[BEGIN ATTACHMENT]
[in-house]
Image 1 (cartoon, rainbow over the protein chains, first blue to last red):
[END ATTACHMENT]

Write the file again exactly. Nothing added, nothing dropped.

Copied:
[in-house]
Image 1 (cartoon, rainbow over the protein chains, first blue to last red):